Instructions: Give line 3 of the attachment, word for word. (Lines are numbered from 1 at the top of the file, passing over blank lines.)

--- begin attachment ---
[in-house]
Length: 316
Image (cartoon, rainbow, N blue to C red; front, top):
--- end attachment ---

Image (cartoon, rainbow, N blue to C red; front, top):